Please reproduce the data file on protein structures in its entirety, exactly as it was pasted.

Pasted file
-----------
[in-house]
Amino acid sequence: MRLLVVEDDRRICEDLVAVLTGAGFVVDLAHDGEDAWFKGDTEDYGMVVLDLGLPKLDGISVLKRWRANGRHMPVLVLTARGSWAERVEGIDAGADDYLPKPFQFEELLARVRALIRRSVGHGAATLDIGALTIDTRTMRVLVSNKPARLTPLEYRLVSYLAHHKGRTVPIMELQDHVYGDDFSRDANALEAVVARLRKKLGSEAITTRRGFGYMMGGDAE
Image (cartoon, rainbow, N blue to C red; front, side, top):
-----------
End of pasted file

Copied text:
[in-house]
Amino acid sequence: MRLLVVEDDRRICEDLVAVLTGAGFVVDLAHDGEDAWFKGDTEDYGMVVLDLGLPKLDGISVLKRWRANGRHMPVLVLTARGSWAERVEGIDAGADDYLPKPFQFEELLARVRALIRRSVGHGAATLDIGALTIDTRTMRVLVSNKPARLTPLEYRLVSYLAHHKGRTVPIMELQDHVYGDDFSRDANALEAVVARLRKKLGSEAITTRRGFGYMMGGDAE
Image (cartoon, rainbow, N blue to C red; front, side, top):